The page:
There is no part of our public services that faces more challenges than the NHS. An ageing population, with an epidemic of obesity and chronic illness, coupled with rising drug costs represent a gathering crisis for health systems around the world. But in Wales, the birthplace of the NHS, they have been compounded by poor leadership since the onset of devolution that have left us with a poorly structured service, delivering far poorer health outcomes than in comparable parts of Europe or the UK. We want to change this and create a New Wales.
More Doctors, Nurses and Dentists
The number of doctors per person in Wales is lower than in Scotland and is one of the lowest in Europe, despite our higher ill-health statistics.
We want to train and recruit an additional 1,000 doctors, 5,000 nurses, and 100 dentists for the Welsh NHS. We will increase the number of home-grown Welsh doctors, nurses and dentists through our investment in medical schools and training, including accelerating development of a medical school in Bangor. This will bring down waiting times and mean that everyone receives the care that they need.
The Welsh NHS makes too much use of Agency staff. We will bring this amount down to free up more money to contribute to our recruitment programme.
There is no place for profiteering in our health service. Plaid Cymru rejects the marketisation and privatisation of the NHS and will continue to oppose any moves in that direction from governments, whether in Westminster or Cardiff Bay.
We commit absolutely to the NHS and will not privatise any aspect of its work. In fact, we will extend the entitlement to free care to other aspects of health and well-being. We will create a truly national NHS, building its capacity to provide a wider array of services and ensuring its services are accessible to all, in every part of Wales.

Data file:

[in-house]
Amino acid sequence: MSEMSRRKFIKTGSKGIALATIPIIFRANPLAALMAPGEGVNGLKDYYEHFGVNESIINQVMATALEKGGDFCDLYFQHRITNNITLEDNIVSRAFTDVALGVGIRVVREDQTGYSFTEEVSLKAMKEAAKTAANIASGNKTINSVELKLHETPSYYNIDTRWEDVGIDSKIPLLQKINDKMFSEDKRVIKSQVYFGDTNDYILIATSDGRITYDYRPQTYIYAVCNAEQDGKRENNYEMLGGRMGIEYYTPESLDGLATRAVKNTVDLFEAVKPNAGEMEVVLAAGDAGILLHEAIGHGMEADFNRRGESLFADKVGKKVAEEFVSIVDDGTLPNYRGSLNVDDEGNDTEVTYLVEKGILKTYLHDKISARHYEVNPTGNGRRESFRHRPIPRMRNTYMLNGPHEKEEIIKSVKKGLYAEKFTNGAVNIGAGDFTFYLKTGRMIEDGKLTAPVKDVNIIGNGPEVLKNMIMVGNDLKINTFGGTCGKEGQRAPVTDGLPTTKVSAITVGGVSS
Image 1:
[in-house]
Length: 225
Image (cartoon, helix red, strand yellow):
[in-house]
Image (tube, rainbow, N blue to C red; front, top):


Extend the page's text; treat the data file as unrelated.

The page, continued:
We strongly oppose the inclusion of the Welsh NHS within any future trade deals with the USA and will promote legislation in the Assembly to this ends if necessary.
Mental Health Services
Plaid Cymru strongly believes that Mental Health should have parity of esteem with other NHS services.
We will establish a 24/7 Mental Health Crisis service for those in acute distress, that will work alongside the emergency services. We will continue to support whole population approaches towards improving the mental health of everyone and preventing illness through better education in schools, access to green spaces, and the tackling of stigma and discrimination experienced by so many.
We will improve community mental health services by training more counsellors and therapists so that alternatives to medication are available in all communities where this is appropriate.
We do not believe that prison cells should ever be used to house those in distress due to a lack of mental health care beds. We will ensure that each community has an appropriate amount of beds.
Some people with mental health problems also have problematic substance use issues. Mental health professionals should be trained to deal with these inter-related and co-occurring conditions.
We will tackle the unacceptably long waiting times for Child and Adolescent Mental Health services and ensure that transition to Adult services is smooth and delivered in an age appropriate way to ensure that those that need to access adult services are ready to do so.
Wales continues to have lower cancer survival rates than most countries in Europe. Diagnosis at an earlier stage is essential in improving long term survival. Diagnostic testing that is currently only available in south Wales will be extended to the rest of the country.